I don’t know what there is to say when you “read the comments” as it were. It feels hopeless.
My colleague Sa’ed Atshan is profoundly committed to trying to get out of the standard confinements of the Palestinian-Israeli conflict. At the least if one were going to disagree with him–or accuse him–you would want to contend with the ethical biography he sets out in his Feb. 14 piece for the American Friends Service Committee. Contend with it in its particulars: that’s what he says he believes.
Instead, here’s what we have: anonymous sites that use innuendo and arguments-by-association assembled by cowards then being used by parents at Friends Central School to manipulate its principal into declaring, “This person shouldn’t be giving a talk at our school”.
And before you say a damn thing, I don’t like it when similar conduct is used by someone that’s “on my side”. I didn’t like it one bit when one of our students used the same kind of soft lies and pollution-by-contagion to argue against a possible graduation speaker at Swarthmore. I don’t like it period.
I am ambivalent at best about the BDS campaign, and frankly, in the conventional terms that many arguments on all sides often take, about the Palestinian-Israeli conflict as a whole. At times, I dislike the bullshit that strident partisans in that conflict on any side pull more than anything else, and find that a reason to keep my distance. Which is what I think strident partisans on any side intend: to make their conflict so poisonous that none but the poisoned dare speak with any intensity about it, and none bother to learn more.
That is not my colleague. The people, anonymous or otherwise, who imply that he is such are drinking deeply from the cup of “alternative facts”, and dividing all the world into complete enemies and pure friends. My colleague is a thoughtful, subtle person reaching for complicated truths and for hope. If you want to argue honestly against him, you can–and he would welcome a conversation with you if so. If you want to learn from him, you’ll invite him to speak, or take a course with him. A Quaker school in particular has no business refusing that opportunity. A thoughtful person has no business refusing that opportunity.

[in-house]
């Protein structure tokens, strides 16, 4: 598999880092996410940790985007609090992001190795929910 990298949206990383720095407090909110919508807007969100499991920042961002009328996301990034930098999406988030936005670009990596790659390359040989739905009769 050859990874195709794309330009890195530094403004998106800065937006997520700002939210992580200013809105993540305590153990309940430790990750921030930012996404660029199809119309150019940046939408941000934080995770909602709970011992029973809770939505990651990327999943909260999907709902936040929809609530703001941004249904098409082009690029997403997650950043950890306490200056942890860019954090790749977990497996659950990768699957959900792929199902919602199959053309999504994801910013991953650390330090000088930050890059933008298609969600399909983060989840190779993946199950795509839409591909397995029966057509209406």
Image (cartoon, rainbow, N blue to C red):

If you want to argue against someone, argue against what they’ve actually said, actually done, to their face. Read what they say, take the effort to engage. Don’t rely on third-hand reports, fake news and deliberate misrepresentation. Mere advocacy of any particular sanctions against Israel or any particular actions against militancy is no reason to regard someone as beyond the pale. (A view that Professor Atshan shares: he has supported talks at Swarthmore by individuals like the current ambassador of Israel.) Someone can argue for BDS or for the legitimacy of Jewish settlements in the Occupied Territories, and I will in neither case regard that person as someone I must not hear nor speak to. If you want to argue someone’s anathema, you’d better have more than an argument that’s just “they’re wrong” or “I disagree”. Some people might be anathema in an educational institution but that ought to hard to achieve; it should take a rare combination of bloody-minded stupidity, malice, insincerity and all-around worthlessness to achieve. Some people in our public culture, maybe more people now than ever, manage to scale those heights. But if you can’t keep clear the distance between the few awful climbers gulping for oxygen at the peaks and those of us milling around the valleys and lower slopes, you’re no friend to knowledge, freedom, fellowship–or peace.